Jeremy Scahill’s important investigation into how Blackwater is working in Pakistan for the US military’s Joint Special Operations Command (JSOC) made waves all over the world. From a base in Karachi, an elite division of the private security contractor plans targeted assassinations of suspected Taliban and Al-Qaeda operatives. According to a well-placed source within the US military intelligence apparatus and a former senior executive at Blackwater, the company’s operatives also assist in gathering intelligence and hep run a secret US military drone bombing campaign that runs parallel to the well-documented CIA predator strikes.

According to Scahill’s sources, Blackwater’s Pakistan JSOC contracts are secret and are therefore shielded from public oversight.

Scahill’s piece was widely-reported in the Middle East; our most-trafficked piece of the month; and drew coverage everywhere from ABCNews.com and HuffingtonPost to MSNBC (see Scahill’s interview on Morning Joe here) and Pakistani television. At the Pentagon? Not so much. As Scahill reports here, the Department of Defense referred the question to the State Department (even though it concerns operations under their jurisdiction). General Stanley McChrystal, the top US Commander in Afghanistan, was the head of JSOC from 2003-2008.

Scahill will continue to report on the role of Blackwater and other contractors and their links to the US military in sensitive special operations in the Af-Pak arena in the weeks to come. As President Obama prepares to announce his Afghan strategy, Scahill’s reporting–along with Aram Roston’s investigation from earlier in November–continues to raise serious doubts about the integrity and viability of our mission in the region.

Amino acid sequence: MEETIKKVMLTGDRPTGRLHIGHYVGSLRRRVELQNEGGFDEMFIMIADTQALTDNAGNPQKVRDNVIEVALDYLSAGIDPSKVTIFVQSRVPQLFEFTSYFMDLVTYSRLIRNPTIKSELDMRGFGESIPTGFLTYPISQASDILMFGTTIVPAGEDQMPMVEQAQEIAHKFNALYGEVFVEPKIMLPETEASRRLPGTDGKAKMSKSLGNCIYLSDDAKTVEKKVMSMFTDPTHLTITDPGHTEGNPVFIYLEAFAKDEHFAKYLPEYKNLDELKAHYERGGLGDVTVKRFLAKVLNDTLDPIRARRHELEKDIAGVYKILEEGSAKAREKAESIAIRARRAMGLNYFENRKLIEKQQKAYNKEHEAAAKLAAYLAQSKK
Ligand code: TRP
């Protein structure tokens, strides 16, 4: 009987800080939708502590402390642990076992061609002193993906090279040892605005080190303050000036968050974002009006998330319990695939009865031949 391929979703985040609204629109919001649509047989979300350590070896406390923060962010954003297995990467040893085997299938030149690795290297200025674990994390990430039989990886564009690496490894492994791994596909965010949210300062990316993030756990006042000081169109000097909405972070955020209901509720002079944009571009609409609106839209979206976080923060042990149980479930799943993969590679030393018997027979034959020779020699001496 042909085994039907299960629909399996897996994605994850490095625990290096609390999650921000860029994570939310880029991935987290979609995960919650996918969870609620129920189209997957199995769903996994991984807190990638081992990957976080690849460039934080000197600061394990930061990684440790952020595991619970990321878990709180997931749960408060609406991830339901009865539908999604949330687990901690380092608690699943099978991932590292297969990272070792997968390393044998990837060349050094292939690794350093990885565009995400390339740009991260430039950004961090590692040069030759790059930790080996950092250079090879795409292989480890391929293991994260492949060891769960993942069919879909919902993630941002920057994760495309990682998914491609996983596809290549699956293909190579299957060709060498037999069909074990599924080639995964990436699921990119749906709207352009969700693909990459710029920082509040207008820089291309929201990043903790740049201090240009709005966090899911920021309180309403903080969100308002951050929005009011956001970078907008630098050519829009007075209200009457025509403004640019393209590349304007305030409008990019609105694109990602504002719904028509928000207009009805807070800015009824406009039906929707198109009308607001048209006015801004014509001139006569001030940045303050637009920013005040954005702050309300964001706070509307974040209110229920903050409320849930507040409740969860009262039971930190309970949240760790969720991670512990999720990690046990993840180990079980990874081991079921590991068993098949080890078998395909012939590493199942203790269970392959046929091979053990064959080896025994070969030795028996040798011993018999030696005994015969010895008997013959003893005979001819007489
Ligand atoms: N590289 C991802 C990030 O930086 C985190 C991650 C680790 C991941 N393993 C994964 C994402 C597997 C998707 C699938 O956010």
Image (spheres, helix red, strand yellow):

Also, check back at TheNation.com this week for continuing coverage of President Obama’s decision on Afghanistan. We will be laying out alternatives to the likely Afghan strategy, and also providing organizing tools–in the magazine at TheNation.com–for those seeking a more responsible exit strategy.

Three other items of note this week:

The Nation has a great team heading to Copenhagen for the climate talks the week of December 7th. Naomi Klein, Mark Hertsgaard, Naomi and Rob Eshelman will be reporting live daily from the gathering, and we’ll be collaborating with Mother Jones and Grist.org for some of the most comprehensive coverage on the web.

In advance of the Copenhagen talks, we went to an unlikely but compelling voice for his view on climate change: playwright Tony Kushner. Angels in America, of course, is a play (and later a film) which raised concerns about global warming and the hole in the ozone. In this brief VideoNation feature, Kushner explains why it’s so difficult for artists and writers to tackle the topic of climate change, and gives his view on why change has been so slow, decades after the hole in the ozone layer captured the public’s attention:

The next issue of The Nation will also feature a package on Seattle at 10 with trade & globalization activist Lori Wallach.

– How hard has the recession hit young people? You told us. In response to Lizzy Ratner’s essay, "Generation Recession," young readers told us about their struggles in this economy, and their fight to hold on to hope and idealism. The reader responses are both poignant and surprising.

– Finally, if you want to support important investigative work like Jeremy Scahill’s and Aram Roston’s, The Nation Institute’s Annual Gala Dinner is a great way to do it. In New York on December 7th, the dinner features a menu designed by the legendary Alice Waters, and remarks from Tony Award-Winning playwright Sarah Jones; Congresswoman Jan Schakowsky; and writer, activist and humorist Jim Hightower. It should be a great night; you can buy tickets here.